Better job on first and second downs. One of the fantastical topics in Blame Game '13, is Cincinnati's recent struggles on third down. Namely the lack of production on first and second down, forcing an average of 7.5 yards per third down opportunity over the past three games. The resulting attempts create obvious passing scenarios that allows opposing defenses the luxury to pin their ears back for an all-out pass rush.
"Third-and-eight, guys put their hand in the dirt and rush like they've never rushed before," offensive coordinator Jay Gruden said via the Cincinnati Enquirer. "So we've got to stay out of those downs and distances."
The principles of staying out of those situations aren't difficult to imagine. For example, BenJarvus Green-Ellis has rushed the football 94 times on first down, and averaged only three yards. Then add the 185 incomplete passes (drops, bad routes, poor throws) and 17 quarterback sacks on first and second down combined, the Bengals are often "off-schedule".
"The last couple of weeks we've been behind the chains, had third-and-long situations which make it tough," said quarterback Andy Dalton. "If we can get these third downs shorter going in, I think it will help keep drives alive, keep finding completions and keep the chains moving."
Compared to first and second, Dalton's third down production is his worst -- namely his 57.1 percent completion rate and 73.3 passer rating. Facing intense pressure from an all-out rush due to the team's lack of success on first and second down, predictably causes one to struggle on third and long scenarios.
Protecting the football.
Let's not completely denigrate the Bengals offense either.
Prior to Cincinnati's 224-yard effort during their 41-20 win over the Browns, the Bengals generated at 465 against the Dolphins and 364 against the Ravens. They are currently No. 10 in the NFL in overall offense, scoring offense, and passing offense. They're also in the top-ten in sacks allowed, 20-plus yard passes and just outside the top-five in passing touchdowns. Cincinnati's struggles isn't a matter of moving the football -- they've actually never been better during the Gruden regime. Dalton is on pace to set a career-high in yards (4,296) and touchdowns (31), but also interceptions (22).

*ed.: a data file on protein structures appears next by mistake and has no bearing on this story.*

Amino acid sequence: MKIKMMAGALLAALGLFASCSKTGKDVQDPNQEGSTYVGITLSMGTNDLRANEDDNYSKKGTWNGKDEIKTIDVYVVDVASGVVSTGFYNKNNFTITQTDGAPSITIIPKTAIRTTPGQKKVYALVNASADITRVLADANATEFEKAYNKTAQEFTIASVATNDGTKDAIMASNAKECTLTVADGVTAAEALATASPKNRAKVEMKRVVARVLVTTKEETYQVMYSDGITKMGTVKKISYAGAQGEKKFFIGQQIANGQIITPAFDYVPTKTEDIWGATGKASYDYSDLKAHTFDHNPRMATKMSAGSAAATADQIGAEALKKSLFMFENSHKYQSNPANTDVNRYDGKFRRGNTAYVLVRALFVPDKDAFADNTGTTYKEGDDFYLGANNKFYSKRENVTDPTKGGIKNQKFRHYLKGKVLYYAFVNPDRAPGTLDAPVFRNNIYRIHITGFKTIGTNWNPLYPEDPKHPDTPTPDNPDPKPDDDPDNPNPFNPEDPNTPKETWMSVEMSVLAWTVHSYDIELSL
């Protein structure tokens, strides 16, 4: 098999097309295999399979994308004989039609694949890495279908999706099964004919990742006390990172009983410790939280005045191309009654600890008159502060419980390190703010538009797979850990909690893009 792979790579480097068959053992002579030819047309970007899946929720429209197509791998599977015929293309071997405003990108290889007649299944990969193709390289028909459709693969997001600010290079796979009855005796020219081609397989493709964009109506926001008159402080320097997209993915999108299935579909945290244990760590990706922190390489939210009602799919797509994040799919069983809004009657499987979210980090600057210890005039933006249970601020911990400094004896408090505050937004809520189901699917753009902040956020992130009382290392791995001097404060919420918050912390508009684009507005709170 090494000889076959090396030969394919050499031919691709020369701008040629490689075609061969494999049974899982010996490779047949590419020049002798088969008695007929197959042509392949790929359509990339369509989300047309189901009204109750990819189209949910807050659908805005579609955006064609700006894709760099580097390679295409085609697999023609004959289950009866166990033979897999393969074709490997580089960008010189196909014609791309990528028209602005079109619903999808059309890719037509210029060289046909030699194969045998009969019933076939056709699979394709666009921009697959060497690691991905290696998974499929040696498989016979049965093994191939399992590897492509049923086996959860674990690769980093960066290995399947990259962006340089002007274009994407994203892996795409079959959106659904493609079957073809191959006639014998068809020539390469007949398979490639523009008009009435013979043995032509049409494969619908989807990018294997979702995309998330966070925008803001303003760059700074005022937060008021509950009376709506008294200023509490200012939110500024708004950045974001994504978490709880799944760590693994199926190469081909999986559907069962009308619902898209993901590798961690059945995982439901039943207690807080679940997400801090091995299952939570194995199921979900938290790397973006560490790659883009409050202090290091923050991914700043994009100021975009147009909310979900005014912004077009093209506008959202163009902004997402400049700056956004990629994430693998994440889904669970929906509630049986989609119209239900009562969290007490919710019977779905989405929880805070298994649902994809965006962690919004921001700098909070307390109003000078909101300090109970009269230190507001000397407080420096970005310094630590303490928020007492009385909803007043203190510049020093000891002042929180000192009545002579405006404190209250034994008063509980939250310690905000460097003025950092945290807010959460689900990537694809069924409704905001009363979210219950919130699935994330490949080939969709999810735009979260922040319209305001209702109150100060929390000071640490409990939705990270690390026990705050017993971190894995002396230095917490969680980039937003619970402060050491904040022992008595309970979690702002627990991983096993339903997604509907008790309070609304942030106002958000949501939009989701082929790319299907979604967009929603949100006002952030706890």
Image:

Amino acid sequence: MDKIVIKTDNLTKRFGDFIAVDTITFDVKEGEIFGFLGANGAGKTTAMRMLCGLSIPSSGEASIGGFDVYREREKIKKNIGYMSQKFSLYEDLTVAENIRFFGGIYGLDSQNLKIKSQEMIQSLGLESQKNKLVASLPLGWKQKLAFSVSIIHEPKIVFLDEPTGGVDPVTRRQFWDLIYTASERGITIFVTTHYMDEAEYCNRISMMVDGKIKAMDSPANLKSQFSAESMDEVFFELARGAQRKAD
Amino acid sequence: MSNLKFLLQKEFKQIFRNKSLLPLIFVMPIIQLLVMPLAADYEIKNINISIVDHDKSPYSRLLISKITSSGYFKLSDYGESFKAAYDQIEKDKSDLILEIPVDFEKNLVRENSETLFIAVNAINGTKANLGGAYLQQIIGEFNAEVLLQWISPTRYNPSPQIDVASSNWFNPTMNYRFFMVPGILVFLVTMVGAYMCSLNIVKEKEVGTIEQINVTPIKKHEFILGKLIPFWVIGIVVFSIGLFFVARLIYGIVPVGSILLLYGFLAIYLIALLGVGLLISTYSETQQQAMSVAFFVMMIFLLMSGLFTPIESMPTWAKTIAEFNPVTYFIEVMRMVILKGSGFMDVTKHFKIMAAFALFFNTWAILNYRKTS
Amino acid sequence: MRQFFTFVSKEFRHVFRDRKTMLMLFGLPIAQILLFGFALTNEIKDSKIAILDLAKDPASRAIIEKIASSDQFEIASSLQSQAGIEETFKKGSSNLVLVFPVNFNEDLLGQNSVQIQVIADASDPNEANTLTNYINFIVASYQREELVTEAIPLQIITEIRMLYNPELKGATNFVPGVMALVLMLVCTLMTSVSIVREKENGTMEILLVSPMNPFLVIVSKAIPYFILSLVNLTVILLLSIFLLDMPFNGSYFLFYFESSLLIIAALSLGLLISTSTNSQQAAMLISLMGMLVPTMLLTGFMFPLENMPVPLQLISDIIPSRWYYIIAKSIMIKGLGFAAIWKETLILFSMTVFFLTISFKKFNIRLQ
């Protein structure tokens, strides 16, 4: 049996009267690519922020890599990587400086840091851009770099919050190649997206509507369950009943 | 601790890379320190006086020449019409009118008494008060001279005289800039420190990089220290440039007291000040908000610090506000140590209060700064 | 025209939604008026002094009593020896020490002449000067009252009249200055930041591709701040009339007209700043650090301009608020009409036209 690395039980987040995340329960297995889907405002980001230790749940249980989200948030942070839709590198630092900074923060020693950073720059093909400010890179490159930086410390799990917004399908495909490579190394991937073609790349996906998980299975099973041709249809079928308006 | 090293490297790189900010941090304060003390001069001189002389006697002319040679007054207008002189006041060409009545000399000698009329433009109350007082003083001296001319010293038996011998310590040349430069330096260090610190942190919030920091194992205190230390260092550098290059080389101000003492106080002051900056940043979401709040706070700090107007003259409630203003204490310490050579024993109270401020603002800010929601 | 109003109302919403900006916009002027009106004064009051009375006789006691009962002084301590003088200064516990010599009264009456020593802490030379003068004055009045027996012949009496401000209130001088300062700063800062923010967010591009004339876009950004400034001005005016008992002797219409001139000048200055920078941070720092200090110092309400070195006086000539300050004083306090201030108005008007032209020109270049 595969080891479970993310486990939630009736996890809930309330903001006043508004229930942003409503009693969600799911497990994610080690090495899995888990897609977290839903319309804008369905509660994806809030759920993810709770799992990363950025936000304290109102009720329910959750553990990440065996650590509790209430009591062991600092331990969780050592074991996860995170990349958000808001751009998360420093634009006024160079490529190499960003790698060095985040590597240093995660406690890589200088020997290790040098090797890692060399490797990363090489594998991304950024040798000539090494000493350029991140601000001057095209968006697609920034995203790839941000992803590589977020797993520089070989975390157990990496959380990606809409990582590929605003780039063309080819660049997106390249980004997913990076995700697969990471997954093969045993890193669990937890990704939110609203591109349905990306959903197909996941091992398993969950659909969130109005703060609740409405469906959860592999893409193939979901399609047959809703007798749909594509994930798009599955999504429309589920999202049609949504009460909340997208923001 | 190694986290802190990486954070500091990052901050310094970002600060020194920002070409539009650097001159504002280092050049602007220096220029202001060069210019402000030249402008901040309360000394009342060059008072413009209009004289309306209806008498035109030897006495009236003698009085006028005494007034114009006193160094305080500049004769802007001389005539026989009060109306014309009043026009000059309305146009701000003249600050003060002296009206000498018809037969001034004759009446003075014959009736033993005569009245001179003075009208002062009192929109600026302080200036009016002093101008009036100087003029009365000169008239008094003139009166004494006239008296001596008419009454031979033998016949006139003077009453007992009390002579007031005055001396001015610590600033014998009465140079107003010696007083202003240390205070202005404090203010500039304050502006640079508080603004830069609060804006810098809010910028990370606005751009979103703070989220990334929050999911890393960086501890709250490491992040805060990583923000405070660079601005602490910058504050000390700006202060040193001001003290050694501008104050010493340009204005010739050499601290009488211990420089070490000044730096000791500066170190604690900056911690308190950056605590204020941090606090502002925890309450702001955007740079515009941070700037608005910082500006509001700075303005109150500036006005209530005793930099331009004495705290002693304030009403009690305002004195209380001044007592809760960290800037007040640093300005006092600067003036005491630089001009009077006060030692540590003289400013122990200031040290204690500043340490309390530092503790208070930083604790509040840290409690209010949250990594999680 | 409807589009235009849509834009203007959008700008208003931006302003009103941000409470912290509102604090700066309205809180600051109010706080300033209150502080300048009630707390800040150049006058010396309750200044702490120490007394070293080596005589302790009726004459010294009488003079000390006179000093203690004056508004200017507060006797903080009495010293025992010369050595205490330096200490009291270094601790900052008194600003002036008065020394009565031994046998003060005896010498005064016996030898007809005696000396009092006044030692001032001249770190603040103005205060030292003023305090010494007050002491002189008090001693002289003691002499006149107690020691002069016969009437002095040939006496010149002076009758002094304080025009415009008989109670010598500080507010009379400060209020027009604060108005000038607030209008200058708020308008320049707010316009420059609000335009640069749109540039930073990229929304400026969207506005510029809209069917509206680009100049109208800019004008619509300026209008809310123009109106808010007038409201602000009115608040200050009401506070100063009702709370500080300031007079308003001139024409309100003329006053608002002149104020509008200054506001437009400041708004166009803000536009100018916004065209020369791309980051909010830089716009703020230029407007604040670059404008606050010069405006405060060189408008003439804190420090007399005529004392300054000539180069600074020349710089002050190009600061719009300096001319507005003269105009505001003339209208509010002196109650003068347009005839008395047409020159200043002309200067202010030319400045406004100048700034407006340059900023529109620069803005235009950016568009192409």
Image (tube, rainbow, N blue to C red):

It's the turnovers.
From Miami: Of their 15 possessions against the Dolphins, the Bengals offense strung together six possessions with at least eight plays -- yet three ended with a turnover. To put that in perspective, the Bengals had 27 drives of eight plays or more in the first eight games of the season -- 19 resulted in a score, three ended with a turnover (two picks, turnover on downs) and two concluded with a missed Mike Nugent field goal. In the three games since, the Bengals have 11 drives of eight plays or more with five ending in a score, two punts, two interceptions, a turnover on downs and a missed Nugent field goal.
Finish the drives. Stop turning the ball over. Be more productive on first and second down to improve the team's 38 percent third down conversion rate (currently 15th in the NFL).
Ultimately, protecting the football remains Cincinnati's primary concern. In the past three games, Cincinnati have concluded 48 possessions with 19 punts (14 of those in three-and-out) and another 12 for a score. Nine have ended with a turnover, and that doesn't include two turnovers on downs against the Ravens the game-ending safety against Miami.
One would think, that lengthy third down situations are creating long to-go scenarios and forcing Andy Dalton to make impossible throws.
Of the eight interceptions by Dalton in the past three games, only two have been on third down -- three on first down, three on second down. And of the two third down interceptions, one was a pick-six by Brent Grimes on third-and-four -- aka, it wasn't a long conversion attempt.
Perfect storm brewing in San Diego?
One could observe that Cincinnati's effort to resolve their offensive issues could explosively climax this weekend against the Chargers. San Diego's passing defense ranks No. 27, allowing 276.0 yards passing per game and only six interceptions (also ranked No. 27).